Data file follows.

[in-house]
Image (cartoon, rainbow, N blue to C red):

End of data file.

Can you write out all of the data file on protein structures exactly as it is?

[in-house]
Image (cartoon, rainbow, N blue to C red):